hour's mutual cannonade, a 24-pound shot from the fort pierced the Essex
at an unguarded spot, and, tearing through her thick oak planking as though it had been cheese, penetrated her starboard boiler, instantly filling her from stein to stern with burning steam, killing both her pilots at their post of duty, and severely scalding Capt. W. D. Porter
and nearly 40 of his gunners and crew.
Thus completely disabled, the Essex
drifted out of the action, to the great joy of the Rebels
, who for a moment thought the victory their own; but her consorts kept on firing and nearing for twenty minutes more, when they were within 600 yards of the Rebel
guns, whereof all but four had by this time been silenced: one having burst, disabling every man who served it, while the vent of the great 10-inch columbiad had been closed.
rendering it useless; while our fire at short range grew hotter and hotter.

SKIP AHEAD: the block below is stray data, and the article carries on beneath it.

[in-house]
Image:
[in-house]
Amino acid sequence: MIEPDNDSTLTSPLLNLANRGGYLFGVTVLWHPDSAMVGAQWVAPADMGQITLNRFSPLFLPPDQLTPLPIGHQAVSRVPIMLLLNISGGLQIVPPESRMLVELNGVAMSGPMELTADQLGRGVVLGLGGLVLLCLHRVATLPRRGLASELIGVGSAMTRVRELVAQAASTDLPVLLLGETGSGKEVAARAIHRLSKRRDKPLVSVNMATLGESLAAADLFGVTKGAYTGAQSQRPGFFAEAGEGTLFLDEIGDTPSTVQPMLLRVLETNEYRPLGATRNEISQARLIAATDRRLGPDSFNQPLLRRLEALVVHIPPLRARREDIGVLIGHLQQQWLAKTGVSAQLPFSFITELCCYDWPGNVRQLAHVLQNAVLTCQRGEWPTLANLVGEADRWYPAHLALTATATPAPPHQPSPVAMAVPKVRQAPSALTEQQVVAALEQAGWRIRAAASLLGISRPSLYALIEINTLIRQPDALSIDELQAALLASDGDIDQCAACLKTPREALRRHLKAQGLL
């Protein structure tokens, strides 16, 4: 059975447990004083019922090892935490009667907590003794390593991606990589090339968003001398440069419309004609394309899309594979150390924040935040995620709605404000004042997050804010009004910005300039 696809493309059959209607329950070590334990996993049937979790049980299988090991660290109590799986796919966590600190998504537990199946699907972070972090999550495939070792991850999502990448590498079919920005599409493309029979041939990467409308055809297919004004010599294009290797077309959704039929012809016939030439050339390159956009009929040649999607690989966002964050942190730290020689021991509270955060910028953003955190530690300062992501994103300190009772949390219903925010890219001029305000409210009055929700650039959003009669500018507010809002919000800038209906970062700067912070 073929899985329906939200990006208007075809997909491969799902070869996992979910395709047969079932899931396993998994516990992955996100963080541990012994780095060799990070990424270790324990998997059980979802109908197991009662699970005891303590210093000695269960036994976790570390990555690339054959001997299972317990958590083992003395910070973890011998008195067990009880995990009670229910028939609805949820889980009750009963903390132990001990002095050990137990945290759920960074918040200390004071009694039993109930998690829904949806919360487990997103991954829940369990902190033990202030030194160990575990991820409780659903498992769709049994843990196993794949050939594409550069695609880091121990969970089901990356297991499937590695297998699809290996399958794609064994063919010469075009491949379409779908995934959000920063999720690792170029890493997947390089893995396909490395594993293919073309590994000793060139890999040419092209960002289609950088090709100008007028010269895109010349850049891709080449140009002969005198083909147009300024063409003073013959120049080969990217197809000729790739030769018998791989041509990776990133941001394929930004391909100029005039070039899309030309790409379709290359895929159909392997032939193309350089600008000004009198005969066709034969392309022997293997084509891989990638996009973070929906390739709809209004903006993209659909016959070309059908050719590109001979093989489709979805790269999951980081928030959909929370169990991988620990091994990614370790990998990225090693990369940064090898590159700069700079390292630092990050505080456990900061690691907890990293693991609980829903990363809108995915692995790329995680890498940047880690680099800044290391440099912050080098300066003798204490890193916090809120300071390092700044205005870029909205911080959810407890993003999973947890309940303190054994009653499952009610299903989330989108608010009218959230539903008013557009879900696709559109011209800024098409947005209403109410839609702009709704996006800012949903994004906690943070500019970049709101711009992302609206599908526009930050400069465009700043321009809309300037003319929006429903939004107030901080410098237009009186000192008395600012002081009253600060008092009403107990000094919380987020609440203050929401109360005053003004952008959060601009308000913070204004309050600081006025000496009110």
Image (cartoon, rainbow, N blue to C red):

, as Com. Foote
had apprehended, had not yet worked his way through the miry woods and over the difficult trails he was obliged to traverse in order to reach and occupy the main road from Henry
Had he been directed to start at 6 instead of 11 that morning, he would probably have intercepted and captured Tilghman
's entire force.
As it was, the latter says he ordered all but the hundred or so inside the fort, and employed ill working its guns, to take the road to Donelson
, under Col. Heiman
, his second in command; and that order was obeyed with great promptness and celerity.
remained himself with the handful in the fort; and, at 1:45 P. M., seeing further defense alike impotent and hopeless, and being urged by his officers to surrender, he, intending to negotiate for terms, raised a flag of truce, which, being unperceived, amid the dense smoke, had no effect on the fire of the fleet.
Five minutes later, by the advice of his officers, he, having ceased firing, lowered his flag., thereby surrendering